After going through the troubles of owning a custom-built chopper, Brian Ratkos, owner of BRC Creations, decided it was time to buy a bike he could ride like he stole it and not have the bike falling apart every time he rode it. Brian wanted a scooter for the long haul and to carry some extras along with the ladies that want some air in the hair. In the fall of '06 Brian got rid of the chop and he sought out a carbureted 2006 Street Glide, the last year for the carb option. His mind was already buzzing with the prospect of his new canvas.
Before getting to any visual upgrades, Brians first order of business was power. Out came the stock mill and all of its internal components. The Screamin' Eagle (SE) stroker crank was welded, lightened and balanced while the stocker cylinders were bored out to accommodate the bigger slugs. Brian and crew reworked the SE performance bathtub heads for better flow and power before they were sent to Diamond Heads to get the bling treatment. A set of high-compression pistons was used along with roller rockers and a high-flow Feuling oil pump to keep everything well lubed. For good measure Brian ditched the cam chains and plastic shoes in favor of no-maintenance Andrews' gear drive cams. The stock CV wouldn't flow enough for the added power so Brian installed a big-bore carb along with larger intake manifold. BRC Creations fabricated baffles and end caps for the Rinehart True Dual exhaust system.
After the motor work Brian was searching around the internet and saw a set of killer extended saddlebags and wide rear-fender cover on a bike. After a little more research Brian learned the parts came from Milwaukee Bagger (MB). Brian contacted MB and was put in touch with Nick Tripi. The two quickly developed a friendship as they had similar ideas as to how and what a bagger should be. Nick convinced Brian to wait a few months for MB's new Resin Transfer Mold (RTM) extended saddlebags would be done. Brian stated the RTMs were easy to work with; no bodywork was required and they were nice and smooth inside and out right out of the box.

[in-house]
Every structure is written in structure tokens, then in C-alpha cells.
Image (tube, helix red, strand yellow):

After Brian got the bags he and Nick stayed in touch. Brian was planning on building 180 wide tire kits that an at-home mechanic could easily install without the need to rip into the primary and swingarm and wanted to use MB's rear fender overlay in his kit. Nick also helped Brian sort out the open primary setup he envisioned by putting Brian in touch with Jon at Tech Cycle. After some conversations Brian decided on Tech's two-inch primary with sculpted motor plate that still allowed Brian the use and comfort of a heel-toe shifter. The Street Glide was beginning to take shape and Brian dug into his chopper bag, pulling out the big guns to chop the stock bagger frame. Brian wanted additional rake but still wanted to maintain good road manners. He raked the frame to 36 degrees and adjusted the geometry through the use of short springs and 10 1/2 inch shocks out back. This led Brian to extending the stock fuel tank four inches and topped it with a Klock dash.
Brian sat back for a year contemplating the paint scheme; he was shooting for tasteful, yet not over the top. He's loves flashy but was afraid he'd get tired of that look so chose the classic black and silver hues that shimmers in the sunlight due to the 70s era big flake. For extra wow-factor Brian had some Black Ghost Fire and silver leaf applied to the sheetmetal. A trick, Pickard 21-inch front hoop was added along with a single-sided PM brake unit. All that was left to hit the open road was adding more juice to the stock radio in the way of a Hawg Wired two-channel amp and speakers.
After a couple of years Brian's bagger was finally done, reworked into his vision of a bike that looks great and can still be ridden for the long haul. Brian's motto is if he builds it he must ride it, not to build bikes that are all show and no go.